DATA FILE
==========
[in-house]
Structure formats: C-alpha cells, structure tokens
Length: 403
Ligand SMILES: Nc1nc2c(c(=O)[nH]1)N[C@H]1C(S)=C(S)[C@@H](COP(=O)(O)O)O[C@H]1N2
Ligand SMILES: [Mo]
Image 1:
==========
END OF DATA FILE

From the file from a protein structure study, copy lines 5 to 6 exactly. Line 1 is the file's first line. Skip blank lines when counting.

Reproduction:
Ligand SMILES: [Mo]
Image 1: